Refrain from looking down at your phone while walking to and from parking lots, buildings, subway tunnels, rest areas, gas stations, airport terminals, etc. Have your house/car key readily in your hand to prevent you from having to fumble for them once you reach the door. Place the key in your fist between two fingers to serve as an impromptu means of defense against an attacker. When possible, avoid walking to your car alone, especially at night. If you encounter a suspicious person or situation, let a nearby security guard or employee know if at all possible, and ask them to walk you to your vehicle. These are all good habits to practice regardless of how far (or close) you are to your hometown.
Note: Most healthcare facilities have 24/7 security personnel on duty, so don’t be shy about asking them for their assistance. At the very least, have another hospital staff member walk with you if security is unavailable.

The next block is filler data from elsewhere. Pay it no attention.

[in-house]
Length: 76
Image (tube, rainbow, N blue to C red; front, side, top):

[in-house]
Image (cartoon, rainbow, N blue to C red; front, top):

Most cellular plans these days offer either unlimited cellular data or a generous amount of cellular data per month, but sometimes the area network coverage isn’t quite up to speed. However, using free public Wifi puts your personal data or accounts at risk. Using a VPN (Virtual Private Network) to protect your data while connected to public WiFi networks greatly helps to mitigate this risk, and there are several user-friendly free or low-cost VPN services to choose from.
Leave a couple of lights on at all times to give the impression you’re present and awake. If you’re in a hotel room, placing the “Do Not Disturb” hanger on the doorknob also helps serve the same purpose. If anyone claiming to be hotel staff knocks on your door, call the front desk to verify whether they requested the employee to come to the room BEFORE you unlock the door for them. For an extra layer of protection, always use a portable door-locking tool when staying in hotels or short-term housing.